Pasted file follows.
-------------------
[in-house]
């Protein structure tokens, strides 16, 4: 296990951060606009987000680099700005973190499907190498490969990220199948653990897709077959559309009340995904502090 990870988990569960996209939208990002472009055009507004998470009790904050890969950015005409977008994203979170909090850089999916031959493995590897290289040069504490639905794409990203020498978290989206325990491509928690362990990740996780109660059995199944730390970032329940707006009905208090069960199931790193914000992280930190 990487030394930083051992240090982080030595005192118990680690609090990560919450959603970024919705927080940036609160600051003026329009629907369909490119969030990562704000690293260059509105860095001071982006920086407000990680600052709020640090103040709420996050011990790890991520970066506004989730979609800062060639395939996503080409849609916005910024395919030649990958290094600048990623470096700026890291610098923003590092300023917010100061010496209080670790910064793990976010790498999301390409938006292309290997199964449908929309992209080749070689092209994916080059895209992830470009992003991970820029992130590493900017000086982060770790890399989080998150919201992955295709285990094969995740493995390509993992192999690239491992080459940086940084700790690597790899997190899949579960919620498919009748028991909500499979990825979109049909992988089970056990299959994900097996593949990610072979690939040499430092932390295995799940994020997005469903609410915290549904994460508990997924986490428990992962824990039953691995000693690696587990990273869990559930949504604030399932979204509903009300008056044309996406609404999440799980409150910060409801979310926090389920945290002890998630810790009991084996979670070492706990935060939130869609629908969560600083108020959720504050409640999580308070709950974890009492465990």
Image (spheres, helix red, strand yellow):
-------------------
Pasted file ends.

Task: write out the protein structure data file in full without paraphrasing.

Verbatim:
[in-house]
């Protein structure tokens, strides 16, 4: 296990951060606009987000680099700005973190499907190498490969990220199948653990897709077959559309009340995904502090 990870988990569960996209939208990002472009055009507004998470009790904050890969950015005409977008994203979170909090850089999916031959493995590897290289040069504490639905794409990203020498978290989206325990491509928690362990990740996780109660059995199944730390970032329940707006009905208090069960199931790193914000992280930190 990487030394930083051992240090982080030595005192118990680690609090990560919450959603970024919705927080940036609160600051003026329009629907369909490119969030990562704000690293260059509105860095001071982006920086407000990680600052709020640090103040709420996050011990790890991520970066506004989730979609800062060639395939996503080409849609916005910024395919030649990958290094600048990623470096700026890291610098923003590092300023917010100061010496209080670790910064793990976010790498999301390409938006292309290997199964449908929309992209080749070689092209994916080059895209992830470009992003991970820029992130590493900017000086982060770790890399989080998150919201992955295709285990094969995740493995390509993992192999690239491992080459940086940084700790690597790899997190899949579960919620498919009748028991909500499979990825979109049909992988089970056990299959994900097996593949990610072979690939040499430092932390295995799940994020997005469903609410915290549904994460508990997924986490428990992962824990039953691995000693690696587990990273869990559930949504604030399932979204509903009300008056044309996406609404999440799980409150910060409801979310926090389920945290002890998630810790009991084996979670070492706990935060939130869609629908969560600083108020959720504050409640999580308070709950974890009492465990």
Image (spheres, helix red, strand yellow):